Fresh and Frank: An Insider’s Guide to the Publishing Industry – Key Takeaways

Press Room blogger Sian Campbell attended Saturday’s panel with industry insiders – here are the key takeaways, in case you missed it!

There’s pretty much nothing that can bring the writers to the yard like an honest and well-informed panel on the underbelly of the writing industry. Case in point: when editors and marketers Lex Hirst, Hannah Temby, Bethia Thomas, Nadia Junaideen, Nikki Lusk gather at the Royal Exchange on Saturday morning to dispense their invaluable advice to writers, there aren’t many empty seats, and question time is a sea of hands.

Considering how eager ya’ll seem to be for secret tips on how to become the next Rowling, I’m not going to get in your way! So for anyone who clicked through hoping for a cheat sheet, here’s a helpful summary of some of the best advice dolled out by the literary Yoda panelists:

  • Don’t worry about having an online presence across all the social media boards if you’re not into that – pick one social medium that you love and know (or want to learn) how to use effectively, and do it well. (Apparently Elizabeth Gilbert is super big on Pinterest. Who knew?!)
  • On this note, publishers are always reaching readers in new ways. Increasingly, authors are being marketed as opposed to their books. If you’ve already established a brand for yourself through a blog or social media, you might just seem like a better bet to a publisher. Obviously, a bunch of followers will not help you if your book is sub-par, but those followers plus a great manuscript might get you pretty far.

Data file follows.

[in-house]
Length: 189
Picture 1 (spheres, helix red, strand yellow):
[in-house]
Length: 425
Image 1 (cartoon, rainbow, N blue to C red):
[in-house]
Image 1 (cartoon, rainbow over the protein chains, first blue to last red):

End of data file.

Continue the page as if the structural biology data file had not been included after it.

• It sounds pretty obvious, but be professional about your manuscript application. So, no glitter bombs. And if it says to only submit a one page cover letter, you are not the magic exception to that rule. Don’t shoot yourself in the foot. If you’re trying to make your application stand out from the others, it might send the message that your manuscript can’t speak for itself.
  • While we think publishers want something that hasn’t been done before, often this can scare publishers off. (There’s often a reason things haven’t been done before!) Go into bookstores and learn what titles your book might hanging out with on the shelves. Don’t be afraid to compare your manuscript to these in your cover letters! Uh, only if they’re comparable, obviously. Your book does not exist in a vacuum, and publishers want to know what your book is like as well as why its not just a carbon copy.

Most importantly, the main thing the panelists stress is that there is no real way to cheat your way into a book deal. Savvy thinking, networking and social media are not going to get a crappy book into print, so focus on the writing before anything else. That being said, if you’ve got a manuscript sitting in your top drawer, when NYWF rolls around in 2014 be sure to scan the program and get along to the industry insider events. It can’t hurt!